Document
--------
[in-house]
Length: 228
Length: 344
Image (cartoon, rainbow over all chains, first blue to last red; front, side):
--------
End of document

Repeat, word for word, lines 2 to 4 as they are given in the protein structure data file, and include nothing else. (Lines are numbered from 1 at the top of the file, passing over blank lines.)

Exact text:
Length: 228
Length: 344
Image (cartoon, rainbow over all chains, first blue to last red; front, side):